Monday, March 6, 2006

A Review of The Magician's Nephew

Written by James Fohl

Recently, I has the pleasure of reading a book by the title of The Magician's Nephew, which was written by C.S. Lewis. The title may sound a bit similiar to people who have seen the movie "The Chronicles of Narnia" because, well it is the prequel to the story "The Lion, The Witch and The Wardrobe" of which the movie was based on.

The Target Audience Is For Children, However Adults Will Fall In Love With This Book Too.

Now the target audience of this movie is of course, for children, however many adults will also find the book a rather interesting read; especially if you enjoyed the Chronicles of Narnia movie that came out this past holiday season. The book is a little over two hundred pages long, however most editions that are available also include black and white pictures that help break up the book for children.

The Story Takes Place Long Ago, And Evolves Into A Fairy Tale Setting Quickly.

The story takes place in the late 19th century, in England. Two children, Digory and Polly quickly become friends, and soon enough find themselves in all sorts of trouble when they venture into Digory's Uncle's room.

The trouble starts when Digory's Uncle gives the two kids colorful rings. Polly then disappears, which causes Uncle Andrew to blackmail Digory into using his ring to go and find Polly. After a little bit of debate, he puts the ring on and vanishes to go find his new friend.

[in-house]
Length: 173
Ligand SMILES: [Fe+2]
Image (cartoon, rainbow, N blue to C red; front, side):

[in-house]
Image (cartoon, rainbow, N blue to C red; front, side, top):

The Basis Of The Next Story Of The Saga, The Lion, The Witch, And The Wardrobe.

The story takes off from there, having the children leave their normal lives and venture into a fairy tale world that is full of adventure. The book serves as a bit of a prequel to the The Lion, The Witch and the Wardrobe, and has very loose connections to the story.

For examples, the characters you saw in the movie are not present in this book, mostly because they did not exist yet. On the other side, Digory, who was a small child in this book is in the The Lion, the witch and the wardrobe, however instead of being a small child he is now a old man.

The lion, whose name is Aslan is introduced in this story, as the book plays out, he is shown to be the leader, or God of Narnia. The witch is also introduced in this story, as she is released by the young Digory early on, when he decides to ring a small bell on the Deplorable World, a world in which the witch had destroyed many years earlier.

The story does however seem to come together at the end, and for that I am very happy. Apparently, even though The Magician's Nephew was the last Chronicles of Narnia book written, it has been re-released as the first part of the saga. This is very important to note, considering that this story is not really connected to the rest of the saga and basically serves as a background story to The Lion, the witch and the wardrobe, as well as the other Chronicles of Narnia books.

I must admit that even though this is a children's book, it really still appeals to me. It does have its dull moments, but it is still a really well written book; especially for children. While I did indeed have a couple problems with the book, its probably because I am an adult, and this book was written for children.

I have not yet seen the Chronicles of Narnia movie, however after reading this book I can only expect the movie to be absolutely fantastic. Although I probably will not read any other books in the series, I still recommend that anyone who has enjoyed the movie and would like to read the Chronicles of Narnia, should definitely start with this book.

In addition, if you are looking for a good book for our child to read, then I have to recommend this book. If they like the Harry Potter series of books, or find them too long to read, then they will most likely love The Magician's Nephew.

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